A rerun of 1914’s descent into global war is really rather unlikely. But some of the danger of a hundred years ago is present today.
The years before 1914 saw the formation of trade blocs separated by high tariff barriers. Back then, the world was dominated by several roughly equivalent powers, albeit with different strengths and weaknesses. Today, the world is similarly multi-polar. The United States is in a position of clear leadership, but China is coming up fast. Europe is weaker than it was, but is still a force to be reckoned with. Japan, Russia, Brazil, India are also too powerful to ignore.
A hundred years ago, big international infrastructure projects such as the Berlin-Baghdad Railway, and before it the Suez Canal, were built to protect favored trading. Today’s equivalent may be the bilateral mining partnerships forged between, for instance, China and mineral-rich African states. Today, the World Trade Organization offers some defence against tariffs. But protectionism could be become entrenched if prolonged economic stagnation leads countries to pursue their own narrow interests.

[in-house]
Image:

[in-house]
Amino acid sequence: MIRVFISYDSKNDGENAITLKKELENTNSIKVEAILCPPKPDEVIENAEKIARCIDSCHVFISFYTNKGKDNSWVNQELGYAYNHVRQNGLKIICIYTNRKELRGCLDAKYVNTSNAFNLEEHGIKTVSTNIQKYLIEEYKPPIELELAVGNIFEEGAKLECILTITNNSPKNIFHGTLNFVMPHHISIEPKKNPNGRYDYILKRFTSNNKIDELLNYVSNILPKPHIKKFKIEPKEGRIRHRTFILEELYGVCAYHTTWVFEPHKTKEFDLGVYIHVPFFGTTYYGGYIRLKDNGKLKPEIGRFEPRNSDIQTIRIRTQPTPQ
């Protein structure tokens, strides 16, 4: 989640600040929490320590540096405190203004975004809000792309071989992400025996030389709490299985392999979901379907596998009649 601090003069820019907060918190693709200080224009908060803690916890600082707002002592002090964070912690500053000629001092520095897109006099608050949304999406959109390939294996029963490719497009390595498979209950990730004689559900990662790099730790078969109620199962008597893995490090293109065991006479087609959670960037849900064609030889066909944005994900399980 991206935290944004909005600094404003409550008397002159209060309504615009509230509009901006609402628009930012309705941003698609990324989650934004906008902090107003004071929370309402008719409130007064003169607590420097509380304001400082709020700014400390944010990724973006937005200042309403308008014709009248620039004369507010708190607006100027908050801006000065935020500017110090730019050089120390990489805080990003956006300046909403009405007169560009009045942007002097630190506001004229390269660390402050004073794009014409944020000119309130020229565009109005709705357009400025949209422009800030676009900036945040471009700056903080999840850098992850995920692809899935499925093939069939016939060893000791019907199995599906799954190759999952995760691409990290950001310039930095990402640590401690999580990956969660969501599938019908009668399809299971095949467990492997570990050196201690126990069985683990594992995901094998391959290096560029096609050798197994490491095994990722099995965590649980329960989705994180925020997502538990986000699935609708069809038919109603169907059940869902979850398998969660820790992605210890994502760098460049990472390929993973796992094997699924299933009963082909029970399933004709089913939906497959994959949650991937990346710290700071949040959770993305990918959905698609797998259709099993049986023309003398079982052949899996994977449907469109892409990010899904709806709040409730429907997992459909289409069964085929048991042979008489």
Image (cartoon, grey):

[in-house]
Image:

Germany, Austria, Russia and France lost between 20 and 35 percent of national output between 1913 and 1918, according to Angus Maddison’s data used in Stephen Broadberry’s “The Economics of World War One: A Comparative Analysis”. British GDP declined in 1914 and 1915, but grew 15 percent over the four years, as did the U.S. economy. The 37 million military and civilian casualties may tell a more accurate story but if history were to repeat itself, the global conflict could be both more universal and more destructive. Nuclear weapons proliferate. Warped diplomatic anger could lead to the deployment of chemical and biological devices. Electromagnetic pulses could wipe out our fragile electronic networks.
Like the assassination of Archduke Ferdinand that sparked World War One, the catalyst for cataclysm might be something quite surprising. A global run on bank and other investment assets or an outbreak of hyperinflation, maybe? These threats get more serious the more policymakers pump up equity, bond, property and banking bubbles. If global wealth evaporates, or is proven to be an illusion, today’s largely cordial global entente could be smashed with precipitous speed.